Pollination, floral deception and evolutionary processes in Eulophia (Orchidaceae) and its allies.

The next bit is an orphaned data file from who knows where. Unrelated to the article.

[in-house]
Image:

Orchids provide a model system for addressing evolutionary and ecological questions both because of their species diversity, and because the packaging of their pollen into pollinia facilitates the estimation of male and female pollination success. This thesis focuses on the ecology and evolution of pollination systems in the African orchid genus Eulophia, with an emphasis on deceptive pollination, mechanisms promoting cross-pollination, and pollinatordriven speciation. Pollination in the deceptive species E. zeyheriana is shown to depend on flower colour and proximity to the rewarding model species, Wahlenbergia cuspidata (Campanulacae). This study demonstrates the functional importance of colour matching between model and mimic in a floral Batesian mimicry system, as well as the importance of facilitation by the rewarding model [chapter 2]. The pollinaria of the vast majority of Eulophia and Acrolophia species undergo reconfiguration following removal by pollinators, similar to the phenomena first described by Darwin in some European orchids and which he hypothesised to be adaptations to limit pollinator mediated self-pollination. In chapter 3, a less common mechanism – anther cap retention – is described for E. foliosa. Observations of reconfiguration times were compared to the respective visit times by pollinators in a number of orchids (including Eulophia and Acrolophia) and asclepiads. In 18 of 19 species, pollinarium reconfiguration times exceed the average visit times, providing empirical support for Darwin’s cross-pollination hypothesis [chapter 4]. All of the 25 species of Eulophia examined are deceptive, but two of the three species in the small, closely related Cape genus Acrolophia examined in chapter 5 are rewarding. This translates into very high levels of pollen transfer efficiency in the rewarding A. cochlearis relative to the deceptive A. capensis and species of Eulophia. In addition, A. cochlearis exhibits high rates of pollinator-mediated self-pollination, as quantified using a novel method based on levels of inbreeding depression during embryo development. In chapter 6 the evolutionary divergence of long- and short-spurred forms of E. parviflora in response to different pollinators is investigated. This shows that divergence has occurred in floral morphology, scent chemistry and flowering phenology and that this can be attributed to adaptations to the respective bee and beetle pollinators of each form. This thesis also includes case histories of bee pollination in an additional five Eulophia species, and beetle-pollination in two other species of Eulophia with dense inflorescences and slow pollinarium reconfiguration [chapter 7]. In addition, four taxa were found to undergo auto-pollination [chapter 8]. The main conclusions of this thesis are that pollination of food-deceptive species can be enhanced by spatial proximity to, and floral colour matching with, sympatric rewarding species; that selection strongly favours traits that promote cross-pollination; that pollinatorshifts can drive speciation; and that floral adaptations for bee-, beetle-, and auto-pollination are found in South African representatives of Eulophia.